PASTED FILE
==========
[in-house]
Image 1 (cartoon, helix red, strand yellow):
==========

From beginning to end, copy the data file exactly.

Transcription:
[in-house]
Image 1 (cartoon, helix red, strand yellow):